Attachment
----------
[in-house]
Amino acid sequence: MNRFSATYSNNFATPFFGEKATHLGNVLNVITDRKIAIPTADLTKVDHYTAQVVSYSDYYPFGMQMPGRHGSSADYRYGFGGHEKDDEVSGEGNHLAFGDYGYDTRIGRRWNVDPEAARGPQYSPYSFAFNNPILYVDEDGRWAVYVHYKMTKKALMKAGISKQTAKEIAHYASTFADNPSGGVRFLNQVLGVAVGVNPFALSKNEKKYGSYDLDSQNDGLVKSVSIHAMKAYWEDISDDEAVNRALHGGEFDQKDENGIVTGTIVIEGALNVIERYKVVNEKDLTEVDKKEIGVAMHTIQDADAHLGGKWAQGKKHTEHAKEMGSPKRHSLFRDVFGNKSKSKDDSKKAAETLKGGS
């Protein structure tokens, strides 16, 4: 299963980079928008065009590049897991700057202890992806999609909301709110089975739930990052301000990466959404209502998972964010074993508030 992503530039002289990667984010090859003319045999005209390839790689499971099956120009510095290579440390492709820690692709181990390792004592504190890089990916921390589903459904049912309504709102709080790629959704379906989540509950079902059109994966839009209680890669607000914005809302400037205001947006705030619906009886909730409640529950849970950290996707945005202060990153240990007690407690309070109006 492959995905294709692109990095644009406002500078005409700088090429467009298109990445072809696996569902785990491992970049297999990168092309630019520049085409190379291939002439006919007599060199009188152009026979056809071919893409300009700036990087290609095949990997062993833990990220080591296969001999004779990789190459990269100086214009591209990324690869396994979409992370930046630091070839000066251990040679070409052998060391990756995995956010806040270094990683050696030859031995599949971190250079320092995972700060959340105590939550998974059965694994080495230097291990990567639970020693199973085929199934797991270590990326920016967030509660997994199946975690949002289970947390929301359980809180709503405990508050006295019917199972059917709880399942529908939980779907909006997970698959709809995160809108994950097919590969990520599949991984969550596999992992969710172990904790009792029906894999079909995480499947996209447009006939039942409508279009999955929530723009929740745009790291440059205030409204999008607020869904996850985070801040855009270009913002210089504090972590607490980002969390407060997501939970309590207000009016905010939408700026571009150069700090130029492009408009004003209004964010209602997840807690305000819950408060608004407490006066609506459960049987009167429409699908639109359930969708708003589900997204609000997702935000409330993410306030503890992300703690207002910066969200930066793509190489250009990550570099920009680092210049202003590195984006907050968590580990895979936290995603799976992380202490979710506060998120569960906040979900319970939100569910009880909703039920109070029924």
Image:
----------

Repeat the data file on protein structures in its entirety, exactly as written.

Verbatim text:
[in-house]
Amino acid sequence: MNRFSATYSNNFATPFFGEKATHLGNVLNVITDRKIAIPTADLTKVDHYTAQVVSYSDYYPFGMQMPGRHGSSADYRYGFGGHEKDDEVSGEGNHLAFGDYGYDTRIGRRWNVDPEAARGPQYSPYSFAFNNPILYVDEDGRWAVYVHYKMTKKALMKAGISKQTAKEIAHYASTFADNPSGGVRFLNQVLGVAVGVNPFALSKNEKKYGSYDLDSQNDGLVKSVSIHAMKAYWEDISDDEAVNRALHGGEFDQKDENGIVTGTIVIEGALNVIERYKVVNEKDLTEVDKKEIGVAMHTIQDADAHLGGKWAQGKKHTEHAKEMGSPKRHSLFRDVFGNKSKSKDDSKKAAETLKGGS
């Protein structure tokens, strides 16, 4: 299963980079928008065009590049897991700057202890992806999609909301709110089975739930990052301000990466959404209502998972964010074993508030 992503530039002289990667984010090859003319045999005209390839790689499971099956120009510095290579440390492709820690692709181990390792004592504190890089990916921390589903459904049912309504709102709080790629959704379906989540509950079902059109994966839009209680890669607000914005809302400037205001947006705030619906009886909730409640529950849970950290996707945005202060990153240990007690407690309070109006 492959995905294709692109990095644009406002500078005409700088090429467009298109990445072809696996569902785990491992970049297999990168092309630019520049085409190379291939002439006919007599060199009188152009026979056809071919893409300009700036990087290609095949990997062993833990990220080591296969001999004779990789190459990269100086214009591209990324690869396994979409992370930046630091070839000066251990040679070409052998060391990756995995956010806040270094990683050696030859031995599949971190250079320092995972700060959340105590939550998974059965694994080495230097291990990567639970020693199973085929199934797991270590990326920016967030509660997994199946975690949002289970947390929301359980809180709503405990508050006295019917199972059917709880399942529908939980779907909006997970698959709809995160809108994950097919590969990520599949991984969550596999992992969710172990904790009792029906894999079909995480499947996209447009006939039942409508279009999955929530723009929740745009790291440059205030409204999008607020869904996850985070801040855009270009913002210089504090972590607490980002969390407060997501939970309590207000009016905010939408700026571009150069700090130029492009408009004003209004964010209602997840807690305000819950408060608004407490006066609506459960049987009167429409699908639109359930969708708003589900997204609000997702935000409330993410306030503890992300703690207002910066969200930066793509190489250009990550570099920009680092210049202003590195984006907050968590580990895979936290995603799976992380202490979710506060998120569960906040979900319970939100569910009880909703039920109070029924």
Image: